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First, when a drug really works to suppress or counteract the target symptom or abnormality, the condition is likely to reappear with equal or greater intensity as soon as the drug wears off. Using chemicals in this fashion, to force the issue rather than simply to assist whatever self-healing processes are already under way, cannot fail to pose the major risk of needing to continue using them for long periods of time, if not indefinitely, and thus transforming what is often an idiomatic episode in the patient's life into an ongoing if not permanent chronic illness with the power to propagate itself through time.
Second, narrowly targeting drug treatment to specific chemical abnormalities and abstract pathological "entities" without rebalancing the energy dysfunction of the patient as an integrated whole naturally and inevitably leads to polypharmacy, the need for still other drugs to correct or control whatever other diseases and abnormalities we are able to identify in the future.
Last but not least, drugs powerful enough to do what we expect them to do are also capable of acting coercively on various other physiological functions, although these usually undesirable "side effects" may vary quite a lot, according to each patient's unique tendencies and predispositions, and will therefore be rather more difficult to attribute unequivocally to the action of the drug.
The ubiquity and relative invisibility of such adverse reactions make it a lot easier to understand why homeopathy has become so popular with patients caught in the tentacles of the medical system on the one hand, yet so easily dismissed by those who administer that system as ineffective, impossible, or unworthy of serious study on the other. In pointed contrast to allopathic drugs, which are developed solely for their power to force the organism to do what it has no natural inclination to do, homeopathy seeks rather to assist and even enhance the innate self-healing capacity that is synonymous with life, continually at work in every patient, and encompasses precisely those same individualizing tendencies, sensitivities, and predispositions that, as physicians, we are expected to ignore in our diagnoses, outperform in our research, and override in our treatment.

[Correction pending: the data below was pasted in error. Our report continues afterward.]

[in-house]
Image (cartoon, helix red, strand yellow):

That is also the reason why, even when homeopathic remedies do act curatively, the results are simply dismissed or written off as isolated cases, perhaps "miraculous" at times, but in any case merely "anecdotal evidence" without scientific import, and therefore always located on the placebo side of the ledger. Medical science as presently constituted restricts the term "cause" to those interventions that force things to happen and measures that power against the idiomatic and somewhat unpredictable tendency of every individual patient to recover without it.
Even in the case of well-designed RCT's that demonstrate a statistically significant benefit from homeopathic treatment, the result still "feels" unscientific and unpersuasive to most people, simply because no such chemical force had to be exerted and no such resistance overcome. To trained scientists, homeopathy’s looser interpretation of causality and its emphasis on subjective and individual variables both disqualify it from serious consideration as a force potent, measurable, and consistent enough to count as "hard science."
So, the standard argument that homeopathic remedies are merely placebos actually cuts both ways. In the first place, it's simply wrong. In addition to all of the evidence I have already presented, I can attest from my own experience that homeopathic treatment has an impressive track record in the treatment of animals, newborn babies, and patients in coma, in whom the possibility of suggestion is clearly remote. Secondly, if giving placebo, natural remedies, or nothing at all can achieve clinical results equivalent or even comparable to those obtainable with suppressive drugs or crippling surgery, who of sound mind would not prefer the cheaper, gentler, and safer alternative, at least to begin with?
Finally, and perhaps best of all, when homeopathic remedies do act curatively, our patients rightly feel that they have healed themselves and may sometimes wonder if they might have done so without our help. To my mind, that "delicious quandary" is hardly a cause for complaint, much less ridicule, since I can imagine no higher compliment to pay to a medicine than that its action cannot be readily distinguished from a gentle, spontaneous, and long-lasting cure requiring no further treatment.
Indeed, as I see it, the irony lies wholly on the other side, that this optimal response is relegated to the placebo half of the equation while pharmaceutical drugs are valued and considered effective only to the extent that they can overpower the physiology of as many patients and for as long a time as possible. I find it absurd and contemptible to boast of standards that prize brute force over elegance of fit, and that subordinate healing the sick to manipulating life functions artificially in the name of science, ambition, mastery over nature, or some equally abstract, hypothetical goal that we are obliged to take on faith.